[SOLVED] ASUS has discovered the Forever Battery??

Jan 13, 2020
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Hi and good day!

Maybe it's a good time to buy ASUS stocks.

I disassembled a 2014 ASUS laptop, model A555LP to try reset the CMOS because the turd can not even boot to BIOS menu (screen is dark but HDD spins) after I set some BIOS parameters.

Funny thing is I can't find a battery. I know there are generally two kinds of CMOS batteries--the round one with a plastic seater and the plastic-encased one with wires. Neither of them could be found.

This is a hand-me-down PC so I got it to think maybe some person wrenched the battery off. But I can't find any power terminals nor reset jumpers anywhere. Intriguingly the CMOS settings are maintained for the year that I have operated the thingie.

Any thoughts, dear members? A Forever Battery hidden somewhere 😬? Here are two pics...

Thanks!

https://ibb.co/1m1gdYc

 
Last edited by a moderator:

Darkbreeze

Titan
Moderator
I can't find a definite answer on that, but I suspect that the CMOS memory on that model is supplied by an onboard capacitor. It might be that you can visually determine if any of the capacitors look like they are leaking or bulging, and if so, they MIGHT be replaceable if you know how to replace capacitors which requires some specialized equipment to de-solder and then re-solder a new cap in place, but on some boards the caps are simply not replaceable by normal methods.
 

Darkbreeze

Titan
Moderator
The model you listed seems to be for the laptop keyboard, not the laptop itself. Are you certain of the model number? I would double check, because normally I can always find the relevant product information based on model but in this case I am not getting relevant results for A555LP except for as a keyboard for a number of similar laptops.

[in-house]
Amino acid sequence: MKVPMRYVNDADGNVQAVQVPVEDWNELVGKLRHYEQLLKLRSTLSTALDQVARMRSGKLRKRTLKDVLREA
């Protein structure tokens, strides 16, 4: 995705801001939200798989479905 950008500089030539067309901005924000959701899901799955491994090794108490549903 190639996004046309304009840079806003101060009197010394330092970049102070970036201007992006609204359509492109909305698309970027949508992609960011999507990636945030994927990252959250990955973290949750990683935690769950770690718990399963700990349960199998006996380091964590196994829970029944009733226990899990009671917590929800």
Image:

Darkbreeze

Titan
Moderator
Also, probably this model uses a charged capacitor on the logic board, rather than a 2032 coin or wired CMOS battery. If the capacitor has failed or is not getting charged due to a faulty internal power jack assembly or transformer cable, then either the capacitor or logic board, or the faulty charging cable, might need to be replaced.

Likely, given it's age, you may probably simply have a faulty motherboard or corrupted BIOS ROM.
 

Darkbreeze

Titan
Moderator
I can't find a definite answer on that, but I suspect that the CMOS memory on that model is supplied by an onboard capacitor. It might be that you can visually determine if any of the capacitors look like they are leaking or bulging, and if so, they MIGHT be replaceable if you know how to replace capacitors which requires some specialized equipment to de-solder and then re-solder a new cap in place, but on some boards the caps are simply not replaceable by normal methods.
 

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